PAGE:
Hunger in the World!
Hunger is a major problem in the world. Many are hungry without awareness from parts of the world where food seems not to be a problem, is even thrown away without anyone attempting to consume it. Parents –or rather– my mother would tell me to think of the starving children in Africa,as if that would make me clean my plate.
The Huffington Post reports Hillary Clinton as saying this about hunger.
This morning, one billion people around the world woke up hungry and tonight, they will go to sleep hungry. This issue has not gotten the attention it deserves, and it is a personal priority of mine and of the Obama Administration to address the challenge of chronic hunger with a very high level of focus and dedication.
Hunger is not only a physical condition. It is a drain on economic development, a threat to global security, a barrier to health and education reform, and a trap for the millions of people worldwide who work from sun-up to sun-down every day to produce a harvest that often doesn’t meet their needs.
Today at the World Food Prize ceremony at the State Department, I am honoring Dr. Gebisa Ejeta, who has transformed farming in many parts of the world and saved millions of lives by identifying varieties of a key African crop resistant to drought and specific types of weeds.
We have the resources to give every person in the world the tools they need to feed themselves and their children. So the question is not whether we can end hunger. It’s whether we will.
The Obama Administration is committed to providing leadership in developing a new global approach to hunger. We will look to 7 guiding principles to support the creation of effective, sustainable farming systems in regions around the world where the current methods aren’t working:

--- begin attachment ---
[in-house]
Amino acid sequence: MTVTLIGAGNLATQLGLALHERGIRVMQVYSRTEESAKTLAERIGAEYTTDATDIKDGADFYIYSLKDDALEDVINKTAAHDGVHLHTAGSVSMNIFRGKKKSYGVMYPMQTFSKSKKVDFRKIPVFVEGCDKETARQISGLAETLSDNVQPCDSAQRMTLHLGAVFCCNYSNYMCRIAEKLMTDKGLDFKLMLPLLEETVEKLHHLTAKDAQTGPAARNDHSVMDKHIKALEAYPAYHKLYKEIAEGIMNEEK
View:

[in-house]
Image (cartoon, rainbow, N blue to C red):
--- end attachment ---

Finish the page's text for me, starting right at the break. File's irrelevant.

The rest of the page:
We will seek to increase agricultural productivity, by expanding access to quality seeds, fertilizers, irrigation tools, and the credit to purchase them and training to use them.
We will work to stimulate the private sector, by improving the storage and processing of food and improving roads and transportation so small farmers can sell the fruits of their labor at local markets.
We are committed to maintaining natural resources, so the land can be farmed well into the future. That includes helping developing communities adapt to climate change, which has had a major effect on the world’s farms.
We will expand knowledge and training by supporting R&D and cultivating the next generation of plant scientists.
We will seek to increase trade so small-scale farmers can sell their crops far and wide.
We will support policy reform and good governance, because sustainable agriculture flourishes in a clear and predictable policy and regulatory environment.
We will support women and families. 70% of the world’s farmers are women, but most programs that offer farmers credit and training target men. This is unfair and impractical. An effective agricultural system must have incentives for those who do the work. And it must take into account the particular needs of those whose futures will shape our world: our children.
These seven principles will guide us and help us set benchmarks to measure the impact of our efforts. We are committed to collecting data, assessing our progress, and when necessary, correcting our course.
Supporting sustainable agriculture won’t be a side project of the Obama Administration. Attacking hunger at its roots will directly impact whether we meet our foreign policy goals and I invite each and every one of you to join this effort.
However, knowledge alone has not/will not/can not save us.
Knowledge includes religion.
If hungry people know more about agriculture, that knowledge may help alleviate some of their hunger. Seeds, fertilizer, maybe even soils may be needed to improve who, where, and how food grows. What, however, will make these agricultural areas sustainable? Does this idea take into account what may be happening? say, if global warming is in progress now? Are not polar bears running out of space to live as they are accustomed to live? in the north, meeting once again the grizzlies that may be responsible for the emergence of polar bears —ancestors of polar bears? The grizzpos, and polies that result from some of these meetings, new breeds forced into existence as the earth warms to temperatures not exactly hospitable to humanity, closer to the ways to was before humanity emerged, eventually to dominate for a while.
How far north will insects travel? Will birds that currently migrate south during northern winters stay in Michigan year-round? Will we take more interest in eating what presently is not considered food? Food is not universal anyway; what’s eaten in one location may not be (readily) eaten in another location –I think a bit of Bourdain, and Zimmern
We do tend to be food snobs.
And Then there’s the matter of our own star, the sun that will stop shining one day, (not scheduled till long after anyone alive now is gone).